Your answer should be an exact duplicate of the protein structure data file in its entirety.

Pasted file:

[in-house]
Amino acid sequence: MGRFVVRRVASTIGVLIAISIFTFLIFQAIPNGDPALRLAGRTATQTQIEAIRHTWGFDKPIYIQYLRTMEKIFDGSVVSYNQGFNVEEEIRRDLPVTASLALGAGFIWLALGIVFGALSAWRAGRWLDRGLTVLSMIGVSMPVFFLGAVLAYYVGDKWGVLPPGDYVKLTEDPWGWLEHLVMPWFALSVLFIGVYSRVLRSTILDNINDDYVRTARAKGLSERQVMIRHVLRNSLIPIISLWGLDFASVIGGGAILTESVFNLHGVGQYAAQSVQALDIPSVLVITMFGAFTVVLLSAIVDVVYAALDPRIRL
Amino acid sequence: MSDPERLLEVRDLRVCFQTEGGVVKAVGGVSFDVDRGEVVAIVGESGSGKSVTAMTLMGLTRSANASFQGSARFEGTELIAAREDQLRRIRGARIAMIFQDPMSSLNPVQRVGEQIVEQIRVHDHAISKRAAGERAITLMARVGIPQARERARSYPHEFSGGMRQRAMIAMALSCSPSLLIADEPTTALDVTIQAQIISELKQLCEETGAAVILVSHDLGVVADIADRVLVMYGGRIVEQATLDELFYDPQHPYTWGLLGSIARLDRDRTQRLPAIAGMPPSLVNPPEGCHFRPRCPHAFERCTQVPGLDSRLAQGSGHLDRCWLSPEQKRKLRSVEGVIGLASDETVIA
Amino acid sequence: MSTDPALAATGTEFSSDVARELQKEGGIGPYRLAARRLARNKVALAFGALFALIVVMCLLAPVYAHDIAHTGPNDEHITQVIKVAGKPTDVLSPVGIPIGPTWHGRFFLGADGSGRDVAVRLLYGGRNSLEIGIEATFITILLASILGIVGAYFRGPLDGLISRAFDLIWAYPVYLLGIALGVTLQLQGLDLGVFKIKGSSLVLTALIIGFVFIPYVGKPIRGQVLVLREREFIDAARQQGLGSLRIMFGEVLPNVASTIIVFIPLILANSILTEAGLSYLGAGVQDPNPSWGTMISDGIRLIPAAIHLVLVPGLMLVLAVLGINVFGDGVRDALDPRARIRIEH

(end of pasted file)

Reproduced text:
[in-house]
Amino acid sequence: MGRFVVRRVASTIGVLIAISIFTFLIFQAIPNGDPALRLAGRTATQTQIEAIRHTWGFDKPIYIQYLRTMEKIFDGSVVSYNQGFNVEEEIRRDLPVTASLALGAGFIWLALGIVFGALSAWRAGRWLDRGLTVLSMIGVSMPVFFLGAVLAYYVGDKWGVLPPGDYVKLTEDPWGWLEHLVMPWFALSVLFIGVYSRVLRSTILDNINDDYVRTARAKGLSERQVMIRHVLRNSLIPIISLWGLDFASVIGGGAILTESVFNLHGVGQYAAQSVQALDIPSVLVITMFGAFTVVLLSAIVDVVYAALDPRIRL
Amino acid sequence: MSDPERLLEVRDLRVCFQTEGGVVKAVGGVSFDVDRGEVVAIVGESGSGKSVTAMTLMGLTRSANASFQGSARFEGTELIAAREDQLRRIRGARIAMIFQDPMSSLNPVQRVGEQIVEQIRVHDHAISKRAAGERAITLMARVGIPQARERARSYPHEFSGGMRQRAMIAMALSCSPSLLIADEPTTALDVTIQAQIISELKQLCEETGAAVILVSHDLGVVADIADRVLVMYGGRIVEQATLDELFYDPQHPYTWGLLGSIARLDRDRTQRLPAIAGMPPSLVNPPEGCHFRPRCPHAFERCTQVPGLDSRLAQGSGHLDRCWLSPEQKRKLRSVEGVIGLASDETVIA
Amino acid sequence: MSTDPALAATGTEFSSDVARELQKEGGIGPYRLAARRLARNKVALAFGALFALIVVMCLLAPVYAHDIAHTGPNDEHITQVIKVAGKPTDVLSPVGIPIGPTWHGRFFLGADGSGRDVAVRLLYGGRNSLEIGIEATFITILLASILGIVGAYFRGPLDGLISRAFDLIWAYPVYLLGIALGVTLQLQGLDLGVFKIKGSSLVLTALIIGFVFIPYVGKPIRGQVLVLREREFIDAARQQGLGSLRIMFGEVLPNVASTIIVFIPLILANSILTEAGLSYLGAGVQDPNPSWGTMISDGIRLIPAAIHLVLVPGLMLVLAVLGINVFGDGVRDALDPRARIRIEH